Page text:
26th of October 1804 wind from the S. E we Set the Ricara Chief on Shore with Some Mandans, many on each Side veiwing of us, we took in 2 Chiefs (Coal and Big Man)  and halted a feiw minits at their Camps,  on the L. S. fortified in their way, here we Saw a trader from the Ossinniboin River Called McCracken,  this man arrived 9 day ago with goods to trade for horses & Roabs one other man with him— we Camped on the L. Side a Short distanc below the 1st mandan village on the L. S.  many men women & Children flocked down to See us— Capt Lewis walked to the Village with the Chief and interpeters, my Rheumitism increasing prevented me from going also, and we had Deturmined that both would not leave the boat at the Same time untill we Knew the Desposition of the Nativs, Some Chieef visited me & I Smoked with them— they appeared delighted with the Steel Mill  which we were obliged to use, also with my black Servent, Capt Lewis returned late—
Set out early wind from the S W proceeded on Saw numbers of the Mandins on Shore, we Set the Ricare Chief on Shore, and we proceeded on to the Camp of two of their Grand Chiefs where we delayed a fiew minits, with the Chiefs and proceeded on takeing two of their Chiefs on board & Some of the heavy articles of his house hole, Such as earthen pots & Corn, proceeded on, at this Camp Saw a [NB: Mr] McCracken Englishmon from the N. W [NB: Hudson Bay] Company this mana Came nine Days ago to trade for horses & Buffalo robes,— one other man Came with him. the Indians Continued on the banks all day— but little wood on this part of the river, many Sand bars and bad places, water much devided between them—
for the 26th. Octr.  we came too and Camped on the L. S. about ½ a mile below the 1st. Manddin Town on the L. S. Soon after our arrival many men women & Children flocked down to See us, Capt Lewis walked to the village with the principal Chiefs and our interpters, my rhumatic Complaint increasing I could not go— if I was well only one would have left the Boat & party untill we new the Disposition of the 〈party〉 Inds. I Smoked with the Cheifs who Came after. Those people apd much pleased with the Corn mill which we were obliged to use, & was fixed in the boat.
|N. 45° W.||1||me. to a tree in the bend to the Larboard Side|
|N. 70° W.||1||me. to a pt. on the S. S.|
|S. 26 W.||2||mes. to a wood in the bend Camp of Mandan L. S.|
|West||1||mes. to to a tree in bind L. S. passed a Small Creek|
|N. 27° W.||3||mes. to the pt. Fort Mandan Stard Passing a bluff of indft.
Coal L. S.
|N. 55° W.||1||me. to a pt. on the L. S.|
|S. 60° W.||2||me. to the 1st Village of the Mandins Situated on the L. Side
in an open Plain
Friday 26th Oct. a clear morning. we Set off eairly. passed a large willow Bottom on S. S. high land on N. S. we proceeded on at 10 oClock we halted at a hunting camp of the Mandens, consisting of men women and children. here we found an Irishman  who was here tradeing with them from the N. W. Company of Traders. we delayd about an hour with them, & proceedd on. took 2 of the natives on board with their Baggage in order to go to their Village. the Greater part of that Camp kept along Shore Going up to the villages. we Camped on the S. S. below the 1st village  at an old field where the manden nation had raised corn the last Summer, & Sun flowers &.C. of which they eat with corn. Capt. Lewis walked up to the village this evening. found the nation verry friendly,—&.C.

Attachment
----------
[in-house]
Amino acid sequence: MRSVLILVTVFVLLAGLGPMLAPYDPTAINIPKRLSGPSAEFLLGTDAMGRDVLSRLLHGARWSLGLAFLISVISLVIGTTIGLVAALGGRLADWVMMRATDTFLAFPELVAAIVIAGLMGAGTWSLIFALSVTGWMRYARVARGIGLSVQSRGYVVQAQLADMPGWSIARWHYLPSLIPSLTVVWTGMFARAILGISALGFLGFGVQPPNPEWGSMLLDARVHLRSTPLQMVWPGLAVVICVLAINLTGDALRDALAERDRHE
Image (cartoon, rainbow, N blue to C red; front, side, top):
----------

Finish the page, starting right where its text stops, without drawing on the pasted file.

Friday 26th. We set out early and had a clear morning; passed a large Willow bottom on the south and high land on the north side. The Mandan Indian left us early in the morning. At 10, we came to a hunting party of the Mandans, consisting of men, women and children. There was an Irishman with them, who had come from the North West Company of traders. We remained here an hour, and then proceeded. A number of the Indians kept along the shore opposite the boat all day, on the south side, on which side we encamped. Some of them remained with us till 12 at night and then returned to their village.
Friday October 26th This morning we had clear & pleasant Weather, We set off early, at 10 oClock we came too, where a party of the Mandan Indians were hunting, & they were encamped in a River bottom which was cover'd with heavy Timber, on the South side of the River,— We found with those Indians an Irishman that belonged to the Northwest Company of Traders. We stop'ed with those Indians about one hour, and then proceeded on our way 'till Night, and encamped, on the South side of the River, Some of the Mandan Indians who we found a hunting this day came and staid with us this night
In addition to their farming and hunting, the Mandans were important as middlemen in intertribal trade. They were generally peaceful and accommodating in their relations with whites, as with Lewis and Clark, and were less aggressive in their relations with other Indians than their allies the Hidatsas. The presence among them of prominent men of Cheyenne and Arikara birth suggests a relatively low degree of ethnocentrism. They had a rich ceremonial and religious life, of which Lewis and Clark saw only a small part.
The tribe had suffered in the smallpox epidemic of the 1780s; the epidemic of 1837 reduced them to a handful. Thereafter they lived by necessity with the Hidatsas and inter-married with them. At the present time there are believed to be no full-blooded Mandans, though they are counted as one of the Three Affiliated Tribes (Mandan-Hidatsa-Arikara) at Fort Berthold Reservation, North Dakota. Hodge, 1:796–99; Ronda (LCAI), 67–112; Bowers (MSCO); Tyrrell, 171–80; Meyer; Catlin (NAI), 80–184, 203–7; Williams; Masson , 1:327–93; Abel (CJ); Coues (NLEH), 1:323–403.(back)